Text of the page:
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Alligators in Sewers

By: Chris Welsh - Updated: 3 Dec 2012 | comments*Discuss
 
New York City Gators Alligators Sewer

In New York City a tourist can find any manner of person or thing stocked as the city is with cultures as varied as they are different. As for a local, they can find what the tourists can only imagine, familiar as they are with the local twists and turns…but what about the fabled NYC sewer alligators? Is there any truth to this Urban Legend that has persisted since the 1930s?

The Alligators in Sewers Urban Legend

The tales of giant lizards thriving beneath the streets of perhaps the most famous city in the world have been told and retold, and are as persistent as alligators are intimidating. The stories typically follow the same track- New Yorkers visiting sunny Florida- well known for its population of gators, bring back to the city a souvenir in the form of a baby gator pet. Once the gator begins to grow, however, they see the error of their ways (perhaps fearing for the life of other family pets, or themselves) and flush the offending alligator down the toilet. This mini saurian winds up in the sewer system beneath the city, where it survives on rats, until it grows large enough to hunt something larger…

No one can argue that there are some pretty frightening things in New York City, especially in places that hide from the light of day and scrutiny of the throng, but alligators? Where did such a tale come from?

The Origin of the Alligators in Sewers Urban Legend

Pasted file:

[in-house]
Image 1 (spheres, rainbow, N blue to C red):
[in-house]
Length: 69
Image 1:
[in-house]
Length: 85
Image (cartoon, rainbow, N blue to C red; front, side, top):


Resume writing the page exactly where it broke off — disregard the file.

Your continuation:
There are two likely sources for this urban legend. The first comes from actual alligator sightings in New York. According to the New York Times, stories of gators being found and hunted for began in the 1930s, with concerned citizens reporting on or bringing in a dead gator and the like. In most cases a little investigation turned up the facts, that these gators emerged not from the sewers, but escaped their owners. People likely did bring gators up from Florida as pets and, in some cases, may have even flushed them down the toilet. The odds of a baby gator surviving to the sewers is minimal, however, and there remains the fact that no reports of gators in the sewers have ever been made from official sources. There was, however, a book.

This would be the second likely source of the urban legend. In the book “World Beneath the City” author Robert Daily told the story of the then-head of the sewer system, Teddy May. According to the book May doubted the stories of alligator nests in the sewers, but was pushed to check it out for himself. May found a thriving colony after all of 2- foot long gators; the book then detailed the various methods of dispatching the lizards.

Final Thoughts

With Daily’s writing, one might be tempted to believe the tales, but a quick look at the facts would prove enlightening. Gators are cold blooded creatures that would not long survive a winter in New York; they are also not likely to survive in the bacteria baths that are the sewer systems. The biggest fact of all to consider? The sewer workers of NYC receive no “alligator hazard pay.”

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